Roland has won a legal action against Alesis parent company inMusic over infringement of its patents.
A Roland statement says judgment was rendered in its favour by the US District Court for the Southern District of Florida in the lawsuit which Roland filed against inMusic Brands, Inc.
Roland filed a patent infringement lawsuit against inMusic in 2016 in the Federal Court for the Central District of California. The case was later transferred to the Federal Court for the Southern District of Florida. Roland alleged that electronic drums and electronic cymbals sold by inMusic under the Alesis brand in the United States infringed several Roland patents.
It is understood the action was prompted by Alesis’ launch of its Strike Pro kit.
Our report at the time identified eight Roland patents which it claimed inMusic had infringed.
The jury rendered a verdict finding that five of Roland’s patents which inMusic claimed to be invalid were valid, and that inMusic had infringed four of them.
These four were U.S. Patent No. 6271458 and 6756535 covering electronic drums with mesh heads and 6632989 and 6881885 covering multi-zone electronic cymbals, ranging from September 2000 to December 2008.
The jury ordered inMusic to pay damages of US$4.6 million to Roland as compensation for inMusic’s infringement.
A report by Law360.com notes that the Florida case follows an earlier settlement between the two parties. In December 2019, Roland and inMusic reached an “undisclosed settlement” which should have resolved the dispute, but in February 2020, Roland was back in front of the court accusing inMusic of “refusing to comply with one of the agreed-upon essential terms”.
That sparked the 10-day hearing which ended with jurors deciding that Roland had proved the infringement.
The jury awarded Roland US$2.7 million to compensate for lost profits and US$1.9 million in royalties for inMusic’s use of the patents after the judge instructed them that the sums must “be adequate to compensate Roland for the infringement.”
“They are not meant to punish an infringer.
“Your damages award, if you reach this issue, should put Roland in approximately the same financial position that it would have been in had the infringement not occurred.”
The judge laid out a number of factors for the jury to consider, including whether there was demand for the products covered by the patents, the level of demand for non-infringing products like Yamaha or non-mesh Alesis kits, Roland’s ability to meet demand for the products and its calculation of lost profits.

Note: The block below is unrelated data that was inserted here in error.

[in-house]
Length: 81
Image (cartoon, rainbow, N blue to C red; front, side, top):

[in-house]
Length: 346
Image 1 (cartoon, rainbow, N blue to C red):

“Finally, you must allocate the lost profits based upon the customer demand for the patented feature of the allegedly infringing product. That is, you must determine which profits derive from the patented features of the Accused Products, and not from other features of the product,” the jury was told.
digitalDrummer has sought comment on the ruling from inMusic and is also seeking to clarify the status of an inMusic counter-claim, filed in 2017, which asserts that Roland infringed three of its patents.
inMusic attempted to put a permanent stop to Roland’s sale of products that it claimed “infringe inMusic’s patented technology and (asked) the Court to require that Roland compensate inMusic appropriately for Roland’s unauthorised use of patented inMusic technology”.
The lawsuit was filed in the United States District Court for the District of Rhode Island and centres on Roland’s PD-140DS digital snare, the VH-13MG hi-hat controller and the KD-A22 acoustic kick conversion product. It is still listed as an ongoing case.
inMusic was unsuccessful in obtaining a temporary restraining order and is understood to still be seeking a permanent injunction against Roland as well as compensation for lost profits and “treble damages for wilful, deliberate and intentional infringement”.
The tensions between Roland and inMusic would have been especially trying for Timothy Root, the former Roland executive who was global product manager for Alesis Drums at inMusic from 2015 to 2021.
There’s no suggestion that Root, highly respected in the e-drum community, had any involvement in the patent infringement, and Alesis’ access to Roland technology certainly didn’t require insider intellectual property.
“Anyone with a drum key could plainly see how Roland’s pads and cymbals were triggered,” one insider notes.
Root, understandably, has no comment on his time at inMusic.